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Dorothy Barresi: Wikis


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Dorothy Barresi (born November 13, 1957 Buffalo, New York) is an American poet.



She was raised in Akron, Ohio. She teaches in the English Department at California State University at Northridge, where she is Chair of the Creative Writing Program.[1]

Her work has appeared in Antioch Review,[2] AGNI,[3] Gettysburg Review, Harvard Review, Indiana Review,[4] Kenyon Review, Mid-American Review,[5] Parnassus, POETRY, Pool,[6] Ploughshares,[7] Virginia Quarterly Review, Triquarterly and Southern Review.[8]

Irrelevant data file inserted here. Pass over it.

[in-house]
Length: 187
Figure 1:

She has served often as a judge for the Los Angeles Times Book Award in Poetry.

She is married to Phil Matero, and they have sons Andrew and Dante. They live in the San Fernando Valley.[9]









Much contemporary poetry fits into one of the many aesthetic categories that lie between the polar opposites of the radically "experimental" poem and the "traditional," often formal, poem. Dorothy Barresi’s work, however, is singular in its resistance, better yet, rejection, of current poetic camps. Part Sylvia Plath, part John Donne, Barresi handles both surprise and expectation with deftness, displaying uncommon verbal ingenuity and intelligence of investigation. Her third book, Rouge Pulp, spins poems of startling metaphysical image shot through with slang and pop culture. Her narrators are bold, swaggering through the poems as if to say, if we’re all intersections of discourses nowadays, then their job is to speak those multiple voices as articulately as possible.[10]


Source: Contemporary Authors Online. The Gale Group, 2002. PEN (Permanent Entry Number): 0000143831.

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